Michael Buday wanted to take his wife's surname after marriage but found that the DMV wouldn't issue him a new license in that name.
Women get to change their names all the time, and Buday figured it was his right to change his. Plus, he promised his new wife that he would take her name, Bijon, because their were no sons in her father's family to carry on the Bijon name.
So, what's in a name? A three-year legal battle for starters. Today, Buday, uh, Bijon was granted the right to become Michael Bijon. Strike up one for women's liberation.
Prior to his lawsuit, if Buday wanted to make the change to Bijon, he would have had to pay court fees of more than $300, advertise his plans in newspaper for four weeks and get judicial approval.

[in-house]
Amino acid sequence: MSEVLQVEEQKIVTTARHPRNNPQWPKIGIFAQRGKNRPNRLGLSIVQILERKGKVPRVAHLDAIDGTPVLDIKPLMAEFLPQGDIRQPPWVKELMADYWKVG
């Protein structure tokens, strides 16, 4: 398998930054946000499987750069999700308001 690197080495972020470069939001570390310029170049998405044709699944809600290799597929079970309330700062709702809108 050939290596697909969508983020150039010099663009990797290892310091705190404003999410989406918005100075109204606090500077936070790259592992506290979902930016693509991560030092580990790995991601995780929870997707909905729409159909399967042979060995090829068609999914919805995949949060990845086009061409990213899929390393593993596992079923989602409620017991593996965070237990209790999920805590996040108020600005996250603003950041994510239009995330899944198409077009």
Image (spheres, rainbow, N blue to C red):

The traditional method of Bijon taking on Buday's name would have cost
somewhere between about $50 and $90. And that's it. No newspaper announcement, no judicial approval.
Tuesday, May 6, 2008
What's in a name...
In 2005 a man tried to legally change his name to his wife's name, and was told he would have to pay four times what his wife would have to pay to change her name to his, as well as needing to advertise his name change in the newspaper, and get judicial approval. A lawsuit was filed in 2006, and finally, a judgment has been returned in his favor.